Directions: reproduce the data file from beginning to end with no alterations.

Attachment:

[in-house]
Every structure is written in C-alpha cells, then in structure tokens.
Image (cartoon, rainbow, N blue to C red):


[in-house]
Every structure is written in C-alpha cells, then in structure tokens.
Image (cartoon, rainbow, N blue to C red):